Soderling, however, and Murray have beaten Nadal in slams, as you know. Soderling broke Nadal five times in four sets at his favorite and most important tournament, Roland Garros, where he has won every other match, while Murray of course owned Rafa in straight sets here last year (knee or no knee), as well as in 4 at the USO open in 2008.
Federer was never mentioned. :)

Now, in a more positive vein, we are in for a truly epic second week. Think of the upcoming matches: Roddick-Wawa, should be a long, close match. A tense encounter in Berdych-Verdasco, who will stay energetic for longer… I am even quite interested for Melzer-Murray, although I don’t think Andy will have any trouble there. And of course Nadal-Cilic could be either a blowout or another close tense match, depending on Cilic. Looking forward, Ferrer is dangerously in form and could be trouble for Rafa, Soderling will have to unleash his northern fury if he wants a chance to get past Murray, which could be either a really boring match or a really excellent one. And Federer will probably roll on rather easily until the semis.

jane Says:

Murray will beat Tuna I think; he played him here last year and served a bagel in one set. Mind you at the USO in 2008 they did play a 5 setter.

jane Says:

Oops just checked. That was in2009 when Murray played Melzer here; they did not play in 2010.

steve-o Says:

I don’t think Cilic’s physical fitness will be the decisive factor against Nadal.

Last year at AO, Cilic played three five-setters (and one four-setter) on his way to the semis, ousting Del Potro and Roddick back-to-back, and he still had enough to take a set off Murray–the only player besides Federer to do so.

His game doesn’t expend a lot of energy, he controls the court very well and runs his opponents without doing a lot of running himself.

I knew he would have a hard time against Isner’s huge serve, but he made it.

Physically he has enough; and tenniswise he can do it. The question is his mentality.

contador Says:

why is melzer tuna?

Eric- didn’t meant to sound negative on the matches. i do love the first week of a GS and it’s over : (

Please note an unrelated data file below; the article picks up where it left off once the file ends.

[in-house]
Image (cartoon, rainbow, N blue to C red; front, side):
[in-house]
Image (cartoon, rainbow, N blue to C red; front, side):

and the most interesting atp matches you describe above are tomorrow.

good luck with your mcats, dari!

ESPN2 into the college basketball over tennis of course. good atdhe stream for woz and sevastova…. the latvian out-playing woz…better groundies so far and she’s fast. woz just getting warmed up maybe..

thark – with u on soda. go soda!

meanwhile, AO radio doing a good job of calling woz play by play..

Eric Says:

steve-o, agreed. Cilic is never going to be able to live up to his fullest potential as long as he continues to be unable to focus. He can’t string together more than about 10 games of good tennis in a row. He should have ended Isner in four, not five. But he also tends to rise to the occasion and I think he CAN take out Rafa, of course he probably won’t, but it’s a real possibility. He should be in fine shape physically by then though.

jane Says:

Agree with steve-o on Cilic also i watched a lot of his match with Isner, including tge post match interview. Cilic said he was not at all tired and felt physically excellent. But on some points last night he got tight, which is a mental thing. I would add to steve-o’s points that Cilic’s tennis cannot always do it. He runs very hot and cold, and can be very inconsistent within one match, which is why, i suspect, he often gets embroiled in so many five setters. Because when he goes off the boil, he lets his opponent back in, and he can get very error prone.

Eric Says:

Woz gets the break back with a WICKED passing shot. I think I would be scared to be across the net from her after that. It looked like she was trying to use the tennis ball to rip a hole in the court…

thark Says:

@contador – tuna is a pun on the “tuna melt” sandwich – tuna melt(zer).

not sure who coined that one but they were flexible enough for the stretch involved ;)

dAri Says:

contador, are you able to access on the comp? it should have better quality streams. its saved my life this tourney when i wasn’t near the tv or if they weren’t playing the match i wanted on tv.